We might call ourselves Dirty Jersey, but we don’t play dirty and we don’t stay dirty. This month’s blog is about keeping your gear clean.
It used to be almost a badge of honor to have the smelliest gear on the team. It meant you played hard and intended to play harder. It was pretty funny to watch other skaters shrink away from you as you approached them on the track. However, did you ever stop and think about exactly why your gear smells like Fritos and roadkill? It’s not just plain old body odor.
Not that funny.
We’re not saying you need to scrub down like a surgeon after every practice. But you can do a few things to keep yourself — and your teammates — safe from both sickness and stink. Get yourself in the habit of doing these things and you’ll come out smelling like a rose…or at least not like a skunk.
- DO NOT leave your wet, dirty gear zipped up in your bag. Air it out as soon as you can after practice. Do not give your sweat and bacteria a place to multiply. If you can put your gear in direct sunlight to dry, even better.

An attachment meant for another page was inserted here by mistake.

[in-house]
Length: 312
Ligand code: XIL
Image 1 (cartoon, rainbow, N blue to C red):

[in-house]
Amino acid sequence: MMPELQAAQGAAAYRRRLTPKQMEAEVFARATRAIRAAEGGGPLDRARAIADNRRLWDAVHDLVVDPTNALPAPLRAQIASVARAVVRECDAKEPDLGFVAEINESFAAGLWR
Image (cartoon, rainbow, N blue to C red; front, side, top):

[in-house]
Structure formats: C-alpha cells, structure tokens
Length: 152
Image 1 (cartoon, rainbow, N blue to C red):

- Make yourself a homemade odor killer and disinfectant spray. Many people swear by some cheap vodka and a drop or two of a favorite essential oil. You can also use rubbing alcohol if you don’t have any vodka in the house, which is cheaper, too!
- Some also use a few sprays of Lysol — but don’t use that in your helmet, unless you want to sweat some Lysol into your eyes during your next practice.
- You can also find retail sprays at your favorite derby gear shops. Just make sure they say they fight bacteria as well as odor.
- For all over clean, you can throw your gear into the washing machine. Use the gentlest cycle possible, Velcro everything together first, and use one of those mesh bags. Don’t use the washer method too often or the pads will wear out. Use a minimal amount of detergent.
- You can also use the bathtub for a gentler method.
- DO NOT PUT YOUR GEAR IN THE DRYER. Hang them wherever you have room — if you can hang them outside, even better.
While you’re at it, don’t forget your mouth guard. It needs some TLC, too. Your mouth guard keeper should have air holes to keep it ventilated so bacteria doesn’t collect.
Clean it regularly — remember, you are putting that thing in your mouth! Some people like to rinse their mouth guards with mouthwash before and after practice. Or, brush it with a toothbrush and toothpaste. You can also soak it in denture cleaner, which helps sanitize it as well.
Hope this helps! Remember, play hard and keep it clean in the Dirty Jerz.
Riots Not Diets,
Molotov Cupcake #190